|Preceded by:||Mutsuki class|
|Succeeded by:||Hatsuharu class|
|Beam:||10.4 m (34 ft 1 in)|
|Draft:||3.2 m (10 ft 6 in)|
|Speed:||38 knots (44 mph; 70 km/h)|
|Range:||5,000 nmi (9,300 km) at 14 knots (26 km/h)|
The Fubuki-class destroyers (吹雪型駆逐艦 Fubukigata kuchikukan) were a class of twenty-four destroyers of the Imperial Japanese Navy. The Fubuki class has been described as the world's first modern destroyer. The Fubuki class set a new standard not only for Japanese vessels, but for destroyers around the world. They remained formidable opponents to the end of World War II, despite being much older than many of their adversaries.
After the end of World War I, the Imperial Japanese Navy General Staff issued requirements for a destroyer with a maximum speed of 39 knots (72 km/h; 45 mph), range of 4,000 nautical miles (7,400 km; 4,600 mi) at 14 knots (26 km/h; 16 mph), and armed with large numbers of the recently developed Type 8 torpedoes. These destroyers were intended to operate with the new series of fast and powerful new cruisers also under consideration as part of a program intended to give the Imperial Japanese Navy a qualitative edge with the world's most modern ships.
The resultant Fubuki class was ordered under the 1923 fiscal year budget, with ships completed between 1926 and 1931. Their performance was a great improvement over previous destroyer designs, so much so that they were designated Special Type destroyers (特型 Tokugata). The large size, powerful engines, high speed, large radius of action, and unprecedented armament gave these destroyers the firepower similar to many light cruisers in other navies.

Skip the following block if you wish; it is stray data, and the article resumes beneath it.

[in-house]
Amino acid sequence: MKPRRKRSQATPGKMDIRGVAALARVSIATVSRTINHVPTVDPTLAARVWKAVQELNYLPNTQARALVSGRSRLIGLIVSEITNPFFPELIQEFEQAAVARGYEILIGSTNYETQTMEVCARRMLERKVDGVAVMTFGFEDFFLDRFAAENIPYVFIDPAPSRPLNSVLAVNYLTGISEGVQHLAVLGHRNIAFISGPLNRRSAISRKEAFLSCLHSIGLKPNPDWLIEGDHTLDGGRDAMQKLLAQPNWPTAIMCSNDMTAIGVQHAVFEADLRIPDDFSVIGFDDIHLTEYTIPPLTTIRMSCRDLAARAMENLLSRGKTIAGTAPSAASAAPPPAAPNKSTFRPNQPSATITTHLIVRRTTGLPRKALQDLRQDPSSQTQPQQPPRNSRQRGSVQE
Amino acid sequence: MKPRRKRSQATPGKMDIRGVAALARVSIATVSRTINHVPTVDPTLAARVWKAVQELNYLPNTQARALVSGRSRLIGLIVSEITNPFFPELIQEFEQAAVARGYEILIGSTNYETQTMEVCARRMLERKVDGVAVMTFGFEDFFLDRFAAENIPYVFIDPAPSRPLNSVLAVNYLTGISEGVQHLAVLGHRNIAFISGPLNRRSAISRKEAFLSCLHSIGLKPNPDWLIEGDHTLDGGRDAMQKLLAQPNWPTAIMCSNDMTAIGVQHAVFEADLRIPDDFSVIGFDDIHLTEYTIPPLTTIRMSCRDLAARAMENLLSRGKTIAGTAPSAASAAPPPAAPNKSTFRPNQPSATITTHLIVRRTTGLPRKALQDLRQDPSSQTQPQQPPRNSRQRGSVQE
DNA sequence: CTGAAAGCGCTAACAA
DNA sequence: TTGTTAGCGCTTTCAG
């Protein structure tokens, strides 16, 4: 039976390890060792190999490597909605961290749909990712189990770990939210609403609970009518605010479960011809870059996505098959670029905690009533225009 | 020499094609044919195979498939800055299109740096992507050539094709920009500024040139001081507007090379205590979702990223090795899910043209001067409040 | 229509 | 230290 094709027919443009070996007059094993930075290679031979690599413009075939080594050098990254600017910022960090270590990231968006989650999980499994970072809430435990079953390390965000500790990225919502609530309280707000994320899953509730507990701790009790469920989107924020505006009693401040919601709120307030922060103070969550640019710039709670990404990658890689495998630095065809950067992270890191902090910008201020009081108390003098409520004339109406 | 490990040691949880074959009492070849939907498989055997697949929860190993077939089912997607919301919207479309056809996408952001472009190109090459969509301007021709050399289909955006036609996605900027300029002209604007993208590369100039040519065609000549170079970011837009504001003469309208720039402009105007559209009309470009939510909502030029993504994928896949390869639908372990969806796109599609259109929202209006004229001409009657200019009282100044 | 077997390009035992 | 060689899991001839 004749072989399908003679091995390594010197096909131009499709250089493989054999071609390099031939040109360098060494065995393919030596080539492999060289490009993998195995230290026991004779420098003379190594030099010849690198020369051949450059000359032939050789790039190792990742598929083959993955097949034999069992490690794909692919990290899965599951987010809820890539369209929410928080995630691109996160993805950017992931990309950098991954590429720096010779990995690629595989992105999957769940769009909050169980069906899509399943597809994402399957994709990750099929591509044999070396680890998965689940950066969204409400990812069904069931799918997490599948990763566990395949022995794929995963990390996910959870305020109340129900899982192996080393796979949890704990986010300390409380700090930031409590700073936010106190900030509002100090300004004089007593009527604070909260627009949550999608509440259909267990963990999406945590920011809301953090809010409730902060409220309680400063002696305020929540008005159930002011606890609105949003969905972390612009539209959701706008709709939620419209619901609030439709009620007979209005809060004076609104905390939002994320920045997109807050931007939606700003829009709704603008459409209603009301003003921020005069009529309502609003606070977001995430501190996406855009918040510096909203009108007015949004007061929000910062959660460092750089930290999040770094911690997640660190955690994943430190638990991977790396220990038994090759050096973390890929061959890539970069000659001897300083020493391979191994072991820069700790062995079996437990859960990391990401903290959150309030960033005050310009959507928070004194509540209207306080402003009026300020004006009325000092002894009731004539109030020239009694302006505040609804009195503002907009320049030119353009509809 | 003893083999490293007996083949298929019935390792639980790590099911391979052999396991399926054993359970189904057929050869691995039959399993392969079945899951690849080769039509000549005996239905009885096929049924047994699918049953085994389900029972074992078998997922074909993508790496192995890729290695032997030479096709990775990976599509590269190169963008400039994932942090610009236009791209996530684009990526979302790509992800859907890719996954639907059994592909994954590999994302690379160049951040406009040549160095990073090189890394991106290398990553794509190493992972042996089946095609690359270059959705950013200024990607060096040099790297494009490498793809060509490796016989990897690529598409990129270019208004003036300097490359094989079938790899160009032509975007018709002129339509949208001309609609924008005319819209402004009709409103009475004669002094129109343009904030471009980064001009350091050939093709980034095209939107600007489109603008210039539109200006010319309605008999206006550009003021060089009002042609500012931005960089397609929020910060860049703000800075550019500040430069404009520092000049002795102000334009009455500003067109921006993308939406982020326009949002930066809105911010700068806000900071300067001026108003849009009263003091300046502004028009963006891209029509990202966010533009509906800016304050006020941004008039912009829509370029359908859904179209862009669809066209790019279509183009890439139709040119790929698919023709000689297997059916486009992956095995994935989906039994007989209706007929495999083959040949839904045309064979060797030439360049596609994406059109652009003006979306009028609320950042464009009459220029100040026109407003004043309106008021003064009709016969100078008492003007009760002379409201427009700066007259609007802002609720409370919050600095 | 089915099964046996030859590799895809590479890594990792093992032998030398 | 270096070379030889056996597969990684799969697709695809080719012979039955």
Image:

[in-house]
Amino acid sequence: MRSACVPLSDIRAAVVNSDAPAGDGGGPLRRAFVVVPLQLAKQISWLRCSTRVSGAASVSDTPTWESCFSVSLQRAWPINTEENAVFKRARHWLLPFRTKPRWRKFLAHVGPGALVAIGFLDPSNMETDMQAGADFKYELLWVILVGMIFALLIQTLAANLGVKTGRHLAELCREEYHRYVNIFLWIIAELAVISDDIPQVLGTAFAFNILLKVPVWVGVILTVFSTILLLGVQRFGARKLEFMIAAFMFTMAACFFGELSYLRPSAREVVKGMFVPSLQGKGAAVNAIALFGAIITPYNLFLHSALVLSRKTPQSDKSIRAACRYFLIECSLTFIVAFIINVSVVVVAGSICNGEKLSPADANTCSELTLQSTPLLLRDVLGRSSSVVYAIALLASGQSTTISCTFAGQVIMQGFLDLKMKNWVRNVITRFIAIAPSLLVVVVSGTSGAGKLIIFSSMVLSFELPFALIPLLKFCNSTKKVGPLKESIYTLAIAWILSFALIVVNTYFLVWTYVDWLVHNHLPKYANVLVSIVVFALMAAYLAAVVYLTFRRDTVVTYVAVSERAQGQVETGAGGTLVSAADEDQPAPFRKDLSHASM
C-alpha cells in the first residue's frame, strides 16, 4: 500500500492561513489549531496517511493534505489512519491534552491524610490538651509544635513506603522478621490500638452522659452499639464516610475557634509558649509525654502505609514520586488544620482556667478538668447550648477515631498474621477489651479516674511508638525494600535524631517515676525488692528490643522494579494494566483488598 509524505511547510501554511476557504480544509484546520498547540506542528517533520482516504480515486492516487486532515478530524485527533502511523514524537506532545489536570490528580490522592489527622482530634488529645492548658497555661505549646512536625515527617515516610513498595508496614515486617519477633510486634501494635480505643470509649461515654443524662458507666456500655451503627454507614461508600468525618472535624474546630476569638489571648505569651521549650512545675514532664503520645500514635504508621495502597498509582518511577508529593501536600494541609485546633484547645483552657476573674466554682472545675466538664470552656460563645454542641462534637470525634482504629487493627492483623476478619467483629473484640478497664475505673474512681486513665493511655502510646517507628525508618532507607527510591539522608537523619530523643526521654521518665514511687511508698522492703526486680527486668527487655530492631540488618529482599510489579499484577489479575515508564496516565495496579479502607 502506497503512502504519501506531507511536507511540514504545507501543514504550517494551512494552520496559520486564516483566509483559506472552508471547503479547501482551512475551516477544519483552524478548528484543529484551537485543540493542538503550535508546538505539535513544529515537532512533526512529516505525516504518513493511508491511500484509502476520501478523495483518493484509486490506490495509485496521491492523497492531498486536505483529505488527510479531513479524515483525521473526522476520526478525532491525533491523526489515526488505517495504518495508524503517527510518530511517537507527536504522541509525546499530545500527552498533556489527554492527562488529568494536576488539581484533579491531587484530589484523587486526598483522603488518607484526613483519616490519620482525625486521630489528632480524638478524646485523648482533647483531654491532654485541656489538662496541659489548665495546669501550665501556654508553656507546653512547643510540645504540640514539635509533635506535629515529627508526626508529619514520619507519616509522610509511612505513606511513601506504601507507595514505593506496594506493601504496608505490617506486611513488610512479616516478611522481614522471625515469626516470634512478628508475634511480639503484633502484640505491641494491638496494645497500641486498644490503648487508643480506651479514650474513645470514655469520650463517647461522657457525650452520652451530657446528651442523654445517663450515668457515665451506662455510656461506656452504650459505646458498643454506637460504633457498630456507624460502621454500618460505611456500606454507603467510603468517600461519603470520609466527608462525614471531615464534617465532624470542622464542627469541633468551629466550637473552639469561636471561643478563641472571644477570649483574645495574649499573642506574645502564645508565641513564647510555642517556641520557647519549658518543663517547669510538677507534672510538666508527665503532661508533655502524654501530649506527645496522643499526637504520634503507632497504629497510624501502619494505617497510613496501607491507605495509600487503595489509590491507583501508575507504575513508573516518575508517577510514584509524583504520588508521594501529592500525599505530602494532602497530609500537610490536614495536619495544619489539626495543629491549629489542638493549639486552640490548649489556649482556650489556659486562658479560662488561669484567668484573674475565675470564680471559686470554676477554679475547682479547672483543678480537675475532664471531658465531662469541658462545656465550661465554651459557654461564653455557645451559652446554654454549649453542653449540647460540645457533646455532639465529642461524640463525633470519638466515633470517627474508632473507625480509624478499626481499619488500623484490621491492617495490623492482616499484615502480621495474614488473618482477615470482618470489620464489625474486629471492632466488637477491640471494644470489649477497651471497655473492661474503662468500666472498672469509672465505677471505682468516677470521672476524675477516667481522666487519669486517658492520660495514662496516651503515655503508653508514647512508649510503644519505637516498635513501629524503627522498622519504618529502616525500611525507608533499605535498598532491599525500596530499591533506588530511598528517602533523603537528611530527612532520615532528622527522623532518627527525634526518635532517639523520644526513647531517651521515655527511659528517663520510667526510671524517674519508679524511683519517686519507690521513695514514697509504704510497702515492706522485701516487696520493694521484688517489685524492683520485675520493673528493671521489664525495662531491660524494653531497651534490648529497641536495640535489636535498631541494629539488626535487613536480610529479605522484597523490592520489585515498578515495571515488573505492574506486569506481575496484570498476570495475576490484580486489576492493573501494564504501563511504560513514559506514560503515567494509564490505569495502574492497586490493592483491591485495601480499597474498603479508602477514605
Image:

The Fubuki-class vessels were originally intended to have only hull numbers due to the projected large number of warships the Japanese Navy expected to build through the Eight-eight fleet plan. This proved to be extremely unpopular with the crews and was a constant source of confusion in communications with the earlier Kamikaze and Mutsuki classes, and naval policy was changed in August 1928. Hence, the Fubuki-class vessels were assigned names as they were launched.
The closest equivalents in the United States Navy were the Porter and Somers-class destroyers, of which only thirteen vessels were constructed in the 1930s to function as destroyer squadron leaders.
The initial design for the Fubuki class was based on a 2000-ton displacement hull with a single 12.7 cm (5.0 in) battery, two twin 24-inch torpedo tubes (just introduced in Mutsuki), and capable of 40 knots (74 km/h). Following the abandonment of the Washington Naval Treaty from 1923, the design was modified to 1680 standard tons with more guns and more torpedo tubes. However, their increased displacement more than offset their more powerful engines, resulting in a slower top speed than originally planned.
The main battery consisted of six Type 3 127 mm 50 caliber naval guns, mounted in pairs in three weather-proof, splinter-proof, gas-tight gun turrets that were far ahead of their time. On the last 14 vessels of the series, these guns were dual purpose guns that could be elevated to 70 degrees, making them the world's first destroyers with this ability. Ammunition was brought up on hoists from magazines located directly underneath each gun turret, which had a far greater rate of fire than those of other contemporary destroyers in which ammunition was typically manually loaded.